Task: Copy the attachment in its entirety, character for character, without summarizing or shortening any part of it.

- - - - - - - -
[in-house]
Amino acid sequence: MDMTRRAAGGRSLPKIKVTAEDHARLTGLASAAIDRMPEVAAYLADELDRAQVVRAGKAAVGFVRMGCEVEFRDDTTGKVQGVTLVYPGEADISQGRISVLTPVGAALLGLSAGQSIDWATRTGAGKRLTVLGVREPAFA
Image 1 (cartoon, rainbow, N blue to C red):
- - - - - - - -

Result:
[in-house]
Amino acid sequence: MDMTRRAAGGRSLPKIKVTAEDHARLTGLASAAIDRMPEVAAYLADELDRAQVVRAGKAAVGFVRMGCEVEFRDDTTGKVQGVTLVYPGEADISQGRISVLTPVGAALLGLSAGQSIDWATRTGAGKRLTVLGVREPAFA
Image 1 (cartoon, rainbow, N blue to C red):